Shakespeare for your spiritual direction

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Shakespeare
Statue of William Shakespeare in Weimar, Germany, pictured in 2008 (Wikimedia Commons/Rudolf Klein)

The spiritual journey is complex terrain, so many twists and turns, so many mountains and valleys, so many unknowns and thrills. The wise person seeks a guide.

People in medicine, economics or technology look for mentors to unravel the basic principles and practices of those fields. Traveling alone is dangerous. So whom shall we turn to for guidance in our journey from self to God?

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Franciscans turn to St. Francis and St. Clare. Carmelites read the works of St. John of the Cross, St. Teresa of Avila and St. Thérèse of Lisieux. But what about individuals not called to a specific form of spirituality? Are there spiritual directors for the "common man or woman" immersed in our busy world?

What about William Shakespeare? The Bard of Avon has some profound insights into central realities in the spiritual life: prayer, forgiveness, compassion or love. Check these out.

Prayer

My words fly up, my thoughts remain below.
Words without thoughts never to heaven go.
("Hamlet," Act 3, Scene 3)

Hamlet's father, the King Claudius, kneels in prayer hoping to get away with his sins, not to ask forgiveness for crimes. The king realizes in the above passage that his prayer is basically invalid. It is simply a series of words without any remorse for his sins.

In our personal prayer life, there is a danger of words being severed from our thoughts and affections. While uttering the Our Father, we may be dreaming of what we will fix for supper or whether our favorite team will have a successful game. Words, mere words. Shakespeare asserts this disconnect short circuits authentic prayer.

Forgiveness

That cannot be, since I am still possessed
Of those effects for I did the murder:
My crown, mine own ambition, and my queen.
May one be pardoned and retain th' offense?
("Hamlet," Act 3, Scene 3)

Hamlet's father understood something of the nature of forgiveness. Unless he repents of his ambition that led him to murder his brother and then marry his brother's wife, he will not experience mercy. But he could not let go of the effects of his sins. He had no remorse that would open his soul to receive the mercy God waits to give.

Pardon awaits us all. We all need a redeemer to restore our broken relationships. The God revealed in Jesus is a God of love and mercy. Although that mercy and love is unconditional, we must be receptive to obtain this grace. The king was not properly disposed to such healing.

Love

Let me not to the marriage of true minds
Admit impediments. Love is not love
Which alters when it alteration finds …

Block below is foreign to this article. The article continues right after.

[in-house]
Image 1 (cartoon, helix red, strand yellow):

("Sonnet 116")

The mystery of love is at the center of spirituality. This is a life of self-giving, of dying to one's selfishness and being for others. Our baptism invites us into the paschal mystery, the dying and rising Jesus witnessed for us. Being "for" and "with" others in their need fulfills the Lord's basic commandment.

Shakespeare's insight is that authentic love does not alter or admit of impediments. We witness this type of love in a spouse who continues to visit daily, even for years, a married partner with dementia. The marital love is not diminished, even though the sick partner is unable to communicate. Amazing grace!

Wise counsel

Throughout his plays and sonnets, the Bard offers nuggets of advice for us spiritual pilgrims. In "The Merchant of Venice," we listen attentively to Portia: "That light we see is burning in my hall. / How far that little candle throws his beams! / So shines a good deed in a naughty world" (Act 5, Scene 1). One act of kindness can transform a life.

In "King Lear," the king cries out: "Expose thyself to feel what wretches feel" (Act 3, Scene 4). Pope Francis has been urging all of us to such compassion. Go out to the margins and accompany those in dire need.

In "Sonnet 73," Shakespeare describes the ending of things: the autumn season, a day, a glowing fire. These are images of encountering our mortality. The sonnet concludes: "This thou perceiv'st, which makes thy love more strong, / To love that well, which thou must leave ere long." Again, the beautiful call to fidelity in the face of death.

Shakespeare knew well the human heart and the qualities of the spiritual journey — prayer, forgiveness, love, kindness, compassion. The insights tucked in his tragedies, comedies and sonnets speak profoundly of our spiritual journey.

[Bishop Robert Morneau, priest, poet and Packers' fan, is a retired auxiliary bishop of the Green Bay, Wisconsin, Diocese, and the author of many books of poetry, including The Color of Gratitude.]

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